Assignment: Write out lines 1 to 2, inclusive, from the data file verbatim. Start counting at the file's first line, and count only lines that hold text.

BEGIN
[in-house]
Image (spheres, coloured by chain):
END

[in-house]
Image (spheres, coloured by chain):